One of the things I’m writing at the moment is a fairly complex bespoke content management system. I’ve done a fair few CMSes in my time, but most of them have had relatively simple back ends – you know the type, where you’ve got a separate ‘admin’ section, which in CF terms is often a completely different application; this is usually for authentication’s sake (let’s face it, it’s fairly easy to secure an entire application.cfc) and to keep it relatively contained in a single folder.
As I’ve been playing around with CfWheels of late, I thought I’d force myself to use it with this project, as for me, that’s usually the best way to learn something – plus I always had the ‘get out’ clause of being able to override internal wheels behaviour if needed. Wheels instantly throws you into a different mindset when it comes to CMS-like apps; as there are various conventions like MVC and ORM already in place, it makes sense to approach everything from that ‘wheels’ point of view.
As building forms is so insanely easy in wheels (see the form helpers), I very quickly got to the point where I started to crave a little more interaction; especially when starting to deal with many to many relationships, and how to update those. But my main objective was to break out of the ‘separate-page-in-a-different-application-to-update’ mindset.
Enter jQuery & colorbox based forms. Having not really played around with jQuery that much (I know, I know) I’ve been pretty shocked about how quickly I managed to pull together some proof of concept forms. Add something like colorbox into the mix, and suddenly you’ve got instant editing ability from any page in your application, without going to have to find the entry in the admin section.
I’m going to try my best to explain where I’ve got to, with the usual caveats – there’s almost always a better way to do this, and I’ve probably just not come across it yet – so comments welcomed..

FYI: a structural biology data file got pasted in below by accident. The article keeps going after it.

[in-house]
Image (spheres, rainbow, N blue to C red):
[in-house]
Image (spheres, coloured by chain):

I’m going to assume you have a basic wheels framework in place, complete with your datasource. For this example, I’m just going to concentrate on one controller and a couple of views.
Starting up – the layout file
The first thing is to include the necessary JS & CSS files, so in my layout.cfm file I’ve got
The Main View page
We need a page view which will output our page object, and provide our edit link: so in /views/pages/view.cfm you might have something like this:
<cfparam name="page"> <cfoutput><p class="admin-links"> #linkTo(text="Edit This Page", class="colorbox", action="edit", key=page.id)# </p> #page.content# </cfoutput>
Next, we need a form:
In my /views/pages folder, I’ve got a ‘partial’ called _form.cfm, which is basically a view designed to be called without layout.
#startFormTag(action="update")# #hiddenField(objectName="page", property="id")# #textArea(objectName="page", property="content")# #submitTag()# #endFormTag()#
Nothing too unusual there, move along..
In this file, i’ve got 3 functions: A view, edit and update function. The edit function is fired when the form is loaded, and the update function is fired on the submission of the form.
<cffunction name="view"> <cfset page = model("page").findAllBySESURL(value=params.title)> </cffunction> <cffunction name="edit"> <cfset page = model("page").findByKey(key=params.key)> <cfset renderPartial("pageform")> </cffunction> <cffunction name="update"> <cfset page = model("page").findByKey(params.page.id)> <cfset page.update(params.page)> <cfif page.hasErrors()> <cfset flashInsert(error="Page Content couldn't update.")> <cfset redirectTo(back=true)> <cfelse> <cfset flashInsert(success="Page Content updated successfully.")> <cfset redirectTo(back=true)> </cfif> </cffunction>
Note the renderPartial(“form”) line. This makes wheels look for a “_form.cfm” file in my /views/pages/ folder. The other bit of note is ‘redirectTo(back=true)’ – this closes the modal window and updates our initial page.
Tie it all together:
This tells colorbox to open any link with a class of .colorbox.
So really, it’s three simple things to remember:
- opening the form via colorbox requires a class/id in the link (at least, that’s one way of doing it, there are many others)
- Using partials in modal windows means you don’t have to have the layout, and you can reuse that form from anywhere (you could also use renderPage(layout=false))
- Using redirectTo(back=true) does refresh the page, but the most important thing is, you’ve not really left it due to the overlay.